Captain Blake came from a family with a tradition of naval service and joined the navy as a cadet at the age of about 14. He was initially assigned to HMS Hound which was, at the time, deployed off the west coast of Africa intercepting ships as part of the Royal Navy’s West Africa Squadron. The Squadron functioned from 1807 to 1867 to suppress the Atlantic slave trade by intercepting slave ships and freeing slaves.

His subsequent career in the navy, described in such detail in the memorial plaque, epitomises military service at the height of the British Empire, taking him, as it did, around the world and involving him in a number of regional conflicts. He served in the West Indies, the Mediterranean, the Baltic, China, New Zealand, South America, Australia and the Pacific. He was at the bombardment of Sveaborg, a fortress in Helsinki harbour, during the Crimean War. Then he took part in the Second Opium War in China and from there went to New Zealand and took part in the First Taranaki War. Here he was seriously wounded, as the memorial explains, “by a gun-shot wound in the breast, which up to the time of his lamented death caused him much suffering, the bullet lodged near his heart, and being only extracted at the post-mortem examination held on his remains at Cape Coast Castle.”

His career ended as it had begun, with service in West Africa. This time, though, he wasn’t freeing slaves but taking part in the Third Anglo-Ashanti War, a battle with the native Ashanti tribe over control of land in the newly established British Gold Coast colony. He was “struck down with violent African fever” while taking part in the campaign and was carried back to Cape Coast Castle, but died aboard HMS Victor Emanuel and was buried on shore on 27th January 1874, as reported in this article from South Wales Daily News.

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Nothing in the plaque gives any clue as to Captain Blake’s connections to Corwen or Windsor, New South Wales. So what made these two places significant enough for Captain Blake’s widow to go to the trouble and expense of erecting the plaques?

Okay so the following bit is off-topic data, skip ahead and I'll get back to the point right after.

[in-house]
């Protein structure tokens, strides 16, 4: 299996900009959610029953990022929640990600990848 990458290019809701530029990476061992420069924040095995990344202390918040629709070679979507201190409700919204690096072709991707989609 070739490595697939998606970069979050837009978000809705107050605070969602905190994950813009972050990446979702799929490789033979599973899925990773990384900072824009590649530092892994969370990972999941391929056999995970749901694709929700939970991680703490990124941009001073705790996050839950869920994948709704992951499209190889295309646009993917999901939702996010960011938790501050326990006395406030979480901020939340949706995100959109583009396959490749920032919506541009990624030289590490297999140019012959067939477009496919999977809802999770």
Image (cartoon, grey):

Blake’s wife, Henrietta, was born Henrietta Fitzgerald in Windsor, New South Wales in 1846 and was baptised in St Matthew’s Church. It is likely that this is the church Henrietta attended as a child. Henrietta met Captain Blake while he was stationed in Australia serving on HMS Falcon and they married in Australia but not in this church. They married on January 4th, 1868 in St Johns Church, Darlinghurst (in the middle of Sydney). Henrietta never returned to live in Australia after she left for England with Blake and it is not clear that the church in Windsor had any special significance to Captain Blake himself. As Henrietta is not mentioned by name in the memorial, it does seem slightly odd that Captain Blake should be commemorated in the Windsor church with a plaque that gives no clues as to how he is connected to the place.

So what about the connection to Corwen? Blake was promoted to the rank of captain in 1867 and he and his new wife left for Britain in 1868. His memorial indicates that he wasn’t posted to another ship until April 1873 so, for this 5 year period, the couple were able to lead a normal family life on shore. Their first child, George Hans Sotheby, was born in 1868 in London and their second, Henrietta Rosa, in Devon in 1870. They were living in Devon at the time of the 1871 census but, by the time their third child was born on New Years’ Day 1872, they were living in Corwen.

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Extract from Corwen parish register from microfilm copy held by Denbighshire Archives (MF191). [Original held by Gwynedd Archives in Dolgellau reference no: Z/PE/19/6]

The image above shows the record for the baptism of William Lascelles Fitzgerald Blake in Corwen in 1872. As the record shows, the family were living at Glanalwen at the time, a farm just outside Corwen. Henrietta and the children were living at Glanalwen at the time of Captain Blake’s death. The photograph below shows what remains of the farm buildings.

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Photo Copyright: C. M. Brennan (2019)

The erection of the memorial plaque in 1875 was reported in the local press as seen in the cutting below from the Wrexham Guardian of September 25th.

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It is not clear what brought the Blake family to Corwen in the first place, they don’t appear to have had any family connection to the area for instance. After Captain Blake’s death, Henrietta and the children left Corwen and moved to the Norwood area of South London. Henrietta stayed in this area for the rest of her life, dying there in 1913, having never remarried.

Elisabeth A. Parfitt